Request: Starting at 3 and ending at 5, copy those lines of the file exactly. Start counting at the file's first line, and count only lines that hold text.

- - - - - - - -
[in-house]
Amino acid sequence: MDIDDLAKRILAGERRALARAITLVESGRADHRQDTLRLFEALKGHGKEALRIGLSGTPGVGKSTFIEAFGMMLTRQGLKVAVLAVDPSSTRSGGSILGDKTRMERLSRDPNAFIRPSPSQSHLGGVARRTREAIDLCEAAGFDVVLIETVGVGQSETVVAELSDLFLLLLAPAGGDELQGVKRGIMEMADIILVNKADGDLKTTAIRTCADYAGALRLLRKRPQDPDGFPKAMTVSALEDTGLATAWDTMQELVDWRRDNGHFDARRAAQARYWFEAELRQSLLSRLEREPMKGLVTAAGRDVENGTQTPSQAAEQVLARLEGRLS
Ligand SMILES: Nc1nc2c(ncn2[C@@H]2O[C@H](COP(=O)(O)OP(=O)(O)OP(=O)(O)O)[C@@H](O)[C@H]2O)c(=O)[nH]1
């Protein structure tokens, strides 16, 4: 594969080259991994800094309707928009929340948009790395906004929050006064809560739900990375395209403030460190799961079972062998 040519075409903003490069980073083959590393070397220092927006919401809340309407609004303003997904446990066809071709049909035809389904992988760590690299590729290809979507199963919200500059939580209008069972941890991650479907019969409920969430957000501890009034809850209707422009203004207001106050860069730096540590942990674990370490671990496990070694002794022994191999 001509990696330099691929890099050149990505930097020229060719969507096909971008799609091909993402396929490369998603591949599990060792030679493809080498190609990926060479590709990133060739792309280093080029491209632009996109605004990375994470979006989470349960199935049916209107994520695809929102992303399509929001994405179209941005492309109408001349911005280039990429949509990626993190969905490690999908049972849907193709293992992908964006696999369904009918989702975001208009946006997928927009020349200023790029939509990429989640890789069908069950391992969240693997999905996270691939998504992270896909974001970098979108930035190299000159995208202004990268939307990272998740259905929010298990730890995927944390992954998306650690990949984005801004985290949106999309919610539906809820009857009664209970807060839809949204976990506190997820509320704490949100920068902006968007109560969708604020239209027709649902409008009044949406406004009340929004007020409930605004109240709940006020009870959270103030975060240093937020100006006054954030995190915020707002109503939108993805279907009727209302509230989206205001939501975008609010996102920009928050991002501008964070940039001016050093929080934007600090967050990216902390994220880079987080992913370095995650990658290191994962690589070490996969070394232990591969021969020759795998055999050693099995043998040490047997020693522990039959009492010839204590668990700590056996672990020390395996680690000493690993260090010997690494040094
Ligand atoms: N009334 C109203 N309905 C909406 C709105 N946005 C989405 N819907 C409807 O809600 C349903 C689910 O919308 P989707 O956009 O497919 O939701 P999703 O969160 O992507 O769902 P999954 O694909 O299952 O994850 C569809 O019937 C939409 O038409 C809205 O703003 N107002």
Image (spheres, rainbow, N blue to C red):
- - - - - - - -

Ligand SMILES: Nc1nc2c(ncn2[C@@H]2O[C@H](COP(=O)(O)OP(=O)(O)OP(=O)(O)O)[C@@H](O)[C@H]2O)c(=O)[nH]1
């Protein structure tokens, strides 16, 4: 594969080259991994800094309707928009929340948009790395906004929050006064809560739900990375395209403030460190799961079972062998 040519075409903003490069980073083959590393070397220092927006919401809340309407609004303003997904446990066809071709049909035809389904992988760590690299590729290809979507199963919200500059939580209008069972941890991650479907019969409920969430957000501890009034809850209707422009203004207001106050860069730096540590942990674990370490671990496990070694002794022994191999 001509990696330099691929890099050149990505930097020229060719969507096909971008799609091909993402396929490369998603591949599990060792030679493809080498190609990926060479590709990133060739792309280093080029491209632009996109605004990375994470979006989470349960199935049916209107994520695809929102992303399509929001994405179209941005492309109408001349911005280039990429949509990626993190969905490690999908049972849907193709293992992908964006696999369904009918989702975001208009946006997928927009020349200023790029939509990429989640890789069908069950391992969240693997999905996270691939998504992270896909974001970098979108930035190299000159995208202004990268939307990272998740259905929010298990730890995927944390992954998306650690990949984005801004985290949106999309919610539906809820009857009664209970807060839809949204976990506190997820509320704490949100920068902006968007109560969708604020239209027709649902409008009044949406406004009340929004007020409930605004109240709940006020009870959270103030975060240093937020100006006054954030995190915020707002109503939108993805279907009727209302509230989206205001939501975008609010996102920009928050991002501008964070940039001016050093929080934007600090967050990216902390994220880079987080992913370095995650990658290191994962690589070490996969070394232990591969021969020759795998055999050693099995043998040490047997020693522990039959009492010839204590668990700590056996672990020390395996680690000493690993260090010997690494040094
Ligand atoms: N009334 C109203 N309905 C909406 C709105 N946005 C989405 N819907 C409807 O809600 C349903 C689910 O919308 P989707 O956009 O497919 O939701 P999703 O969160 O992507 O769902 P999954 O694909 O299952 O994850 C569809 O019937 C939409 O038409 C809205 O703003 N107002």